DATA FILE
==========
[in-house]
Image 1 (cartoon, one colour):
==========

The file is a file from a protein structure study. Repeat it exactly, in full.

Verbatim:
[in-house]
Image 1 (cartoon, one colour):